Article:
Tag Archives: firewall

Now Is the Time for Cyber to Take Off

Uncertainty about several key variables appears to be causing U.S. businesses and insurance companies to move cautiously into the much-heralded, though still nascent, market for cyber liability policies.

Insurers continue to be reluctant to make policies more broadly available. The big excuse: Industry officials contend there is a relative lack of historical data around cyber incidents, and they bemoan the constantly evolving nature of cyber threats.

This assessment comes in a report from the Deloitte Center for Financial Services titled: Demystifying Cyber Insurance Coverage: Clearing Obstacles in a Problematic but Promising Growth Market

“Insurers don’t have sufficient data to write coverage extensively with confidence,” says Sam Friedman, insurance research leader at Deloitte.

But the train is about to leave the station, and some of the stalwarts who shaped the insurance business into the ultra conservative (read: resistant to change) sector it has become could very well be left standing at the station.

Consider that regulations imposing tighter data handling and privacy protection requirements are coming in waves. Just peek at the New York Department of Financial Services’ newly minted cybersecurity requirements or Europe’s recently revamped General Data Protection Regulation.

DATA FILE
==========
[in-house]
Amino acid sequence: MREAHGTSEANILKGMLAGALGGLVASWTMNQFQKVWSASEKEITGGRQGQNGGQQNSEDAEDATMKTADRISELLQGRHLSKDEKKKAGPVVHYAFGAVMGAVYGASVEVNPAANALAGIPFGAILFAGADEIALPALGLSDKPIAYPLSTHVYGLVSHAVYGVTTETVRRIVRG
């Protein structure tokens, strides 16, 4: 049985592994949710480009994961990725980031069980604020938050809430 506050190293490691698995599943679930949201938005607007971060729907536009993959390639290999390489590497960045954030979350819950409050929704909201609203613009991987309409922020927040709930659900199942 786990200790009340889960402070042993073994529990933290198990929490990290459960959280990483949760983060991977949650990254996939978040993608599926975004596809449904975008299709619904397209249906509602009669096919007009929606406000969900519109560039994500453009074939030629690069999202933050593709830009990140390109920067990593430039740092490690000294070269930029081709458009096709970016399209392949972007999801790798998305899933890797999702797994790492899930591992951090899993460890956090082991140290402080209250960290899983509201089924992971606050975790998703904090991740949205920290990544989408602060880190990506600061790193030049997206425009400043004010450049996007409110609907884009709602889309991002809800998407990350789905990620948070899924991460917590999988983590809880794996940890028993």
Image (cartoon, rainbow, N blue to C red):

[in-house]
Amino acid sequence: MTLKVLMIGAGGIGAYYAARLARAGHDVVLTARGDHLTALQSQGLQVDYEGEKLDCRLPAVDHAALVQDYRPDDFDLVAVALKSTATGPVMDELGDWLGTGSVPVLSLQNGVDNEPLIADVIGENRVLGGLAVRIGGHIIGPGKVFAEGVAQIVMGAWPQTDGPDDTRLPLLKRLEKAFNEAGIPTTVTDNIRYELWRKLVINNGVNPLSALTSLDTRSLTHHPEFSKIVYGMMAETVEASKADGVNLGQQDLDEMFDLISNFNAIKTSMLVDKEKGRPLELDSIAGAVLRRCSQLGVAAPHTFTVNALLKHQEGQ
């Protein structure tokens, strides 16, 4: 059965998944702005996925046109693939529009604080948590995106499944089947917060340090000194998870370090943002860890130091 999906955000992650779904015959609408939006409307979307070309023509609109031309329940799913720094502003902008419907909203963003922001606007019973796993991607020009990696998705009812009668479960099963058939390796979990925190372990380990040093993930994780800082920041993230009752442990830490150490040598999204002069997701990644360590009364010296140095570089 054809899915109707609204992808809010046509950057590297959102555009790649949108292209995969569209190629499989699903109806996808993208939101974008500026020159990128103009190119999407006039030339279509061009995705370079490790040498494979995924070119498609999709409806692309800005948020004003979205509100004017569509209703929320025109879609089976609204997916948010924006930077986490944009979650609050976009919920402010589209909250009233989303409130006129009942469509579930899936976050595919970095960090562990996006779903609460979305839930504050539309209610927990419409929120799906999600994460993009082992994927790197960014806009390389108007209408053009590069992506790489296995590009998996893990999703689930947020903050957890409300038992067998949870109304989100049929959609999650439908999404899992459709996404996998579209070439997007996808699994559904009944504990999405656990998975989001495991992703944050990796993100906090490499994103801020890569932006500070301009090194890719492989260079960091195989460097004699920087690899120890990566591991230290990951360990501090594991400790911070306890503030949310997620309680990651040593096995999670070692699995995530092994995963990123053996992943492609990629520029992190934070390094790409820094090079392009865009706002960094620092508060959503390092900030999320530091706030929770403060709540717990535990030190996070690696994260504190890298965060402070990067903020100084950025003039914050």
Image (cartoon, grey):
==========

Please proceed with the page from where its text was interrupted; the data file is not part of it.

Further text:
With cyber threats on a steadily intensifying curve, other jurisdictions are sure to jump on the regulation bandwagon, which means the impetus to make cyber liability coverage a standard part of everyday business operations will only increase.

Meanwhile, cybersecurity entrepreneurs, backed by savvy venture capitalists, are moving aggressively to eliminate the weak excuse that there isn’t enough data available to triangulate complex cyber risks. In fact, the opposite is true.

Modern-day security systems, such as anti-virus suites, firewalls, intrusion detection systems, malware sandboxes and SIEMS, generate mountains of data about the security health of business networks. And the threat intelligence systems designed to translate this data into useful operational intelligence is getting more sophisticated all the time.